Every item on a food store shelf needs to be properly packaged, and creating a package design that achieves an effective balance between form and function is a challenge! This checklist should help you make sure that once the product hits the shelf, your food packaging strategy will cover all the bases.
What do you want the product to look like? Are you looking for a hi-tech aesthetic for an energy drink, or are you trying to appeal to nostalgia with an old-fashioned look for your chocolate chip cookies?
The name of the product needs to be front and centre on the custom packaging– if not literally in the centre. The package is, after all, the most immediate form of advertising.
We all recognize Heinz’s famous “57 Varieties”, or Maxwell House’s “Good to the Last Drop.” An effective tagline on the package can help sell the product right in the grocery store aisle.
If you have a new product that the consumer won’t recognize instantly, finding room on the package for a story about it that will help to make the sale. This is where the personal touch comes in- the narrative can create human interest to help the buyer make a decision.
Once you’ve taken care of the advertising and persuasion, you have to make room on the package for the required components of food packaging:
The nutrition facts panel helps the shopper determine if this food product meets their nutritional preferences or needs.
This should be right below the nutrition facts panel, listing the ingredients by weight, from the most to the least.
With the increasing prevalence of food allergies, it is very important to list any potential allergens in your product, be it peanuts, gluten, or shellfish. However, you can also add an extra selling point by indicating that the food is free of a certain common allergen!
The shopper needs to know the volume or weight of the product to help her make an informed decision about which brand is the best deal.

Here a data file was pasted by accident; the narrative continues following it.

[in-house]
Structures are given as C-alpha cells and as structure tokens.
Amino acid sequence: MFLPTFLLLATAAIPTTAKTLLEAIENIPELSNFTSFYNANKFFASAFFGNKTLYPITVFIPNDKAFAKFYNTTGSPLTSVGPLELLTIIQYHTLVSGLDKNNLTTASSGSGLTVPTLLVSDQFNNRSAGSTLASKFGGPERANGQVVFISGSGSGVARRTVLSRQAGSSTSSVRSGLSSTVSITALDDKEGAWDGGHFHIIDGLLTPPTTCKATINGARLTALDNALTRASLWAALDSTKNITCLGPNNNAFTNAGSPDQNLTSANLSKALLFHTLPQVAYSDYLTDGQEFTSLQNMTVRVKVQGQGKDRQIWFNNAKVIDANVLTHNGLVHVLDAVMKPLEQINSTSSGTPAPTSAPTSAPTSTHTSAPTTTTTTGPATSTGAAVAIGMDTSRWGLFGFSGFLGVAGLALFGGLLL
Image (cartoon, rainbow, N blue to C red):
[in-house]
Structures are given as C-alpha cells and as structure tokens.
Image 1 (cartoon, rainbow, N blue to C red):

The scanner code is now a basic essential on food packaging, with even small local stores switching to scanner technology. Make sure that it is big enough, and placed on as flat a plane as possible, for ease of scanning.
The place where the actual food comes from may not be the same as the location of the company. Let the shopper know where the food was grown!
Is this product Certified Organic? Fair Trade? Kosher or Halal? These are key selling points for many consumers!
To ensure repeat sales, when a product needs to be prepared, make sure that the buyer knows how to cook it to achieve the best results.
Shoppers may make a decision based on how much packaging they have to get rid of, or if it can be recycled.
Include address, phone number, website to make it easy for customers to get in touch. Using a QR code can let the shopper access more information on the product right in the grocery aisle!
The package for a food product isn’t just a wrapper- it’s an important component of brand identity, and includes essential information required by law. Creating an effective and attractive package design can ensure the product’s success!